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The history of the Barnghan family goes back to the ancient Anglo-Saxon culture of Britain. It is derived from the family living in the parish named Barnham in Hampshire. Further research showed the name was derived from the Old English words beorg, meaning hill, and ham, meaning homestead.

Barnghan Early Origins



The surname Barnghan was first found in Hampshire where they held a family seat as Lords of the Manor of Southwick, some say, from the time of the Norman Conquest of England by Duke William of Normandy at the Battle of Hastings in 1066 A.D.

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Barnghan Spelling Variations


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Barnghan Spelling Variations



Until quite recently, the English language has lacked a definite system of spelling rules. Consequently, Anglo-Saxon surnames are characterized by a multitude of spelling variations. Changes in Anglo-Saxon names were influenced by the evolution of the English language, as it incorporated elements of French, Latin, and other languages. Although Medieval scribes and church officials recorded names as they sounded, so it is common to find one person referred to by several different spellings of his surname, even the most literate people varied the spelling of their own names. Variations of the name Barnghan include Barnham, Barnhum, Barnum, Barnam, Barnhem, Barnem and others.

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Barnghan Early History


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Barnghan Early History



This web page shows only a small excerpt of our Barnghan research. Another 223 words (16 lines of text) covering the years 1600, 1630, 1575, 1570, 1559, 1598, 1576, 1646, 1604, 1646, 1592, 1650, 1613, 1675, 1659, 1660, 1606, 1685 and 1660 are included under the topic Early Barnghan History in all our PDF Extended History products and printed products wherever possible.

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Barnghan Early Notables (pre 1700)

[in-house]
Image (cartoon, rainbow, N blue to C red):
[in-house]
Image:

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Barnghan Early Notables (pre 1700)



Distinguished members of the family include Sir Martin Barnham of Kent; Francis Barnham (died 1575), English draper, alderman and Sheriff of London in 1570; and his son, Benedict Barnham (1559-1598), London merchant, alderman and Sheriff of London; Sir Francis Barnham (1576-1646), an English politician who sat in the House of Commons...

Another 61 words (4 lines of text) are included under the topic Early Barnghan Notables in all our PDF Extended History products and printed products wherever possible.

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The Great Migration


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The Great Migration



Searching for a better life, many English families migrated to British colonies. Unfortunately, the majority of them traveled under extremely harsh conditions: overcrowding on the ships caused the majority of the immigrants to arrive diseased, famished, and destitute from the long journey across the ocean. For those families that arrived safely, modest prosperity was attainable, and many went on to make invaluable contributions to the development of the cultures of the new colonies. Research into the origins of individual families in North America revealed records of the immigration of a number of people bearing the name Barnghan or a variant listed above: James Barnham who arrived in Philadelphia, Pennsylvania in 1785.

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Barnghan Family Crest Products


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Barnghan Family Crest Products




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See Also


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See Also




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Citations


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Citations



    Other References

    1. Shirley, Evelyn Philip. Noble and Gentle Men of England Or Notes Touching The Arms and Descendants of the Ancient Knightley and Gentle Houses of England Arranged in their Respective Counties 3rd Edition. Westminster: John Bowyer Nichols and Sons, 1866. Print.
    2. Thirsk, Joan. The Agrarian History of England and Wales. Cambridge: Cambridge University Press: 7 Volumes. Print.
    3. Hitching, F.K and S. Hitching. References to English Surnames in 1601-1602. Walton On Thames: 1910. Print. (ISBN 0-8063-0181-3).
    4. MacAulay, Thomas Babington. History of England from the Accession of James the Second 4 volumes. New York: Harper and Brothers, 1879. Print.
    5. Markale, J. Celtic Civilization. London: Gordon & Cremonesi, 1976. Print.
    6. Bowman, George Ernest. The Mayflower Reader A Selection of Articales from The Mayflower Descendent. Baltimore: Genealogical Publishing. Print.
    7. Williams, Dr Ann. And G.H. Martin . Domesday Book A Complete Translation. London: Penguin, 1992. Print. (ISBN 0-141-00523-8).
    8. Filby, P. William and Mary K Meyer. Passenger and Immigration Lists Index in Four Volumes. Detroit: Gale Research, 1985. Print. (ISBN 0-8103-1795-8).
    9. Le Patourel, John. The Norman Empire. New York: Oxford University Press, 1976. Print. (ISBN 0-19-822525-3).
    10. Zieber, Eugene. Heraldry in America. Philadelphia: Genealogical Publishing Co. Print.
    11. ...

    The Barnghan Family Crest was acquired from the Houseofnames.com archives. The Barnghan Family Crest was drawn according to heraldic standards based on published blazons. We generally include the oldest published family crest once associated with each surname.

    This page was last modified on 25 June 2013 at 08:48.

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